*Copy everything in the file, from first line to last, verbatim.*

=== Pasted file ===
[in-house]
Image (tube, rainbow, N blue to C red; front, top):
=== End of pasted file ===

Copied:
[in-house]
Image (tube, rainbow, N blue to C red; front, top):